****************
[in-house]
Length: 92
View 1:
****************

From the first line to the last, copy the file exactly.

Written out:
[in-house]
Length: 92
View 1: